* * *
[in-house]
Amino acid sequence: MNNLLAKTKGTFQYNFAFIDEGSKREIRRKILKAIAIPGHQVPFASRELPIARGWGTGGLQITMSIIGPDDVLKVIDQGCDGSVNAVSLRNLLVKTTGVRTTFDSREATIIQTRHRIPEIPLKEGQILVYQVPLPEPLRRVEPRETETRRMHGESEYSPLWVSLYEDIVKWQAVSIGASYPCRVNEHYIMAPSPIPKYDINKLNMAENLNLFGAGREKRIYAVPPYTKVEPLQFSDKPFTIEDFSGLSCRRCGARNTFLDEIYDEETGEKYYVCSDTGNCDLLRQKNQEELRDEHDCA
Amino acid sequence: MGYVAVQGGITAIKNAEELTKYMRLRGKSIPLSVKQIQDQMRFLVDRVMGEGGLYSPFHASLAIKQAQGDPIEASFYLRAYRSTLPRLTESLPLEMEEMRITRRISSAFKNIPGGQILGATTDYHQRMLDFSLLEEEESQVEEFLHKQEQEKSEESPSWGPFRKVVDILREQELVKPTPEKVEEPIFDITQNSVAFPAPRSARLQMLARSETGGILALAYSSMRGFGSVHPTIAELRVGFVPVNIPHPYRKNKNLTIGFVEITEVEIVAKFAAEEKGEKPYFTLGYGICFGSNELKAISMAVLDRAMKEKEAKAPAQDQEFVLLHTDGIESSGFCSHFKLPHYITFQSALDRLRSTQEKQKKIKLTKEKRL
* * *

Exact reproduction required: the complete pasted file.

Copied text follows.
[in-house]
Amino acid sequence: MNNLLAKTKGTFQYNFAFIDEGSKREIRRKILKAIAIPGHQVPFASRELPIARGWGTGGLQITMSIIGPDDVLKVIDQGCDGSVNAVSLRNLLVKTTGVRTTFDSREATIIQTRHRIPEIPLKEGQILVYQVPLPEPLRRVEPRETETRRMHGESEYSPLWVSLYEDIVKWQAVSIGASYPCRVNEHYIMAPSPIPKYDINKLNMAENLNLFGAGREKRIYAVPPYTKVEPLQFSDKPFTIEDFSGLSCRRCGARNTFLDEIYDEETGEKYYVCSDTGNCDLLRQKNQEELRDEHDCA
Amino acid sequence: MGYVAVQGGITAIKNAEELTKYMRLRGKSIPLSVKQIQDQMRFLVDRVMGEGGLYSPFHASLAIKQAQGDPIEASFYLRAYRSTLPRLTESLPLEMEEMRITRRISSAFKNIPGGQILGATTDYHQRMLDFSLLEEEESQVEEFLHKQEQEKSEESPSWGPFRKVVDILREQELVKPTPEKVEEPIFDITQNSVAFPAPRSARLQMLARSETGGILALAYSSMRGFGSVHPTIAELRVGFVPVNIPHPYRKNKNLTIGFVEITEVEIVAKFAAEEKGEKPYFTLGYGICFGSNELKAISMAVLDRAMKEKEAKAPAQDQEFVLLHTDGIESSGFCSHFKLPHYITFQSALDRLRSTQEKQKKIKLTKEKRL